- Belay device, 3 locking carabiners, prussic cord, 120 cm sling
We recommend you bring:
- Mountaineering Boots* (must be crampon compatible)
- Daypack* (30-40 litres), (optional)
- Water bottle (1-2 litres)
- Sunscreen, SPF lip balm
- Headlamp (with fresh batteries)
- Blister kit
- First aid items (Our guides carry a first aid kit, but you may bring your own Band-Aids and anti-inflammatory medication if desired.)
- Trekking pole (optional)
*These items are available for rent. Please advise us in advance. Gear rentals
When mountaineering, it is important to be able to adjust for the changing conditions. We recommend bringing clothing that can be layered to achieve comfort as you change from periods of activity to periods of rest. Cotton clothing is not appropriate as it causes rapid heat loss when wet.
We recommend you bring:
- Long underwear top and bottoms (light weight synthetic or wool)
- Socks (synthetic/wool, at least two pairs)
- Light synthetic shirt
- Softshell pants and jacket
- Midweight synthetic or down jacket
- Heavyweight insulated jacket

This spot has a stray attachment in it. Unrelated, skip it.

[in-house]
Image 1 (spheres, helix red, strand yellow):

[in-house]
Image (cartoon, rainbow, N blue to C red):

- Waterproof hardshell jacket with hood
- Waterproof hardshell pants (should have a full length side zip so they can be put on without taking off boots and crampons)
- Gaiters (big enough to fit over large boots)
- Waterproof mountaineering gloves (at least 2 pairs)
- Warm hat that fits under a helmet
- Sun hat
Additional gear info:
Boots: A good pair of mountaineering boots is essential. They need to be warm and crampon compatible. You are welcome to try the Scarpa Mont Blanc boots that Yamuska rents.
Crampons: Mountaineering crampons should have anti snow-balling plates, and need to be compatible with your boots. We use the Petzl Vasak.
Mountaineering ice axe: Your ice axe should be 55-75 cm, and should be equipped with an adze. Yamnuska provides the Petzl Summit Axe.
Technical ice climbing tool: It is important to have a tool with a curved hand grip at the bottom. Yamnuska uses the Petzl Quark.
Climbing harness: Should be sized to fit over your cold weather clothing. You will need to have a harness with a belay/rappel loop.
Helmet: A comfortable, all around climbing helmet that can fit over your winter hat.
Please book as early as practical to avoid disappointment. We require a 35% deposit including GST. Final payment is due eight weeks before the start of the program. This must accompany your deposit.